'Bundles' of prevention practices best to reduce UTI rates, review finds
Using a “bundled” intervention approach has shown success in combating urinary tract infections in nursing homes, according to a recently published research review.
Researchers with the University of Michigan analyzed previous studies in order to inform future research efforts, and frontline care for residents, noting that UTIs are “one of the most common infections in nursing homes, often leading to sepsis and readmission to acute care.”
Many of the interventions shown to prevent UTIs and catheter-associated UTIs are already employed in acute-care settings, such as improving catheter care and certain infection control strategies. Other UTI-fighting strategies analyzed were specific to skilled nursing facilities, such as removing catheters upon residents' admission from the hospital and addressing incontinence issues.
Out of all the interventions analyzed as part of the review, the only one to show a significant reduction of catheter-associated UTIs was a “comprehensive program” that focused on improving antimicrobial use, hand hygiene and precautionary steps for residents with catheters.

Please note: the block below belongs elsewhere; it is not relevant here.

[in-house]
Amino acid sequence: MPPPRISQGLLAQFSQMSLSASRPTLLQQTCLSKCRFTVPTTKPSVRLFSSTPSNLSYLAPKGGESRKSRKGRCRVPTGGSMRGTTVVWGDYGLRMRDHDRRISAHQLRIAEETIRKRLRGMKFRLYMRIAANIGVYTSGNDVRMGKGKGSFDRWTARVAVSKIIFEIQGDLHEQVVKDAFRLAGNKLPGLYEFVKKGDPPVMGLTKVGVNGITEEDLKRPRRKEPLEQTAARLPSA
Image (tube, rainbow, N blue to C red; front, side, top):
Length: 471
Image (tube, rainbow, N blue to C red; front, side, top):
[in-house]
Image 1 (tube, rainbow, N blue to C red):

Nursing home providers designing their own UTI “bundle” should bear in mind the challenges and resources that are unique to their care settings, researchers said. Skilled nursing operators also were advised to consider incontinence programs and discuss catheter alternatives with residents, families and staff as part of their UTI prevention strategies.
“Although catheter utilization in nursing homes is low, further reductions in catheter days and CAUTIs can be achieved,” researchers wrote.
Their findings appear in the May issue of the Journal of Hospital Medicine.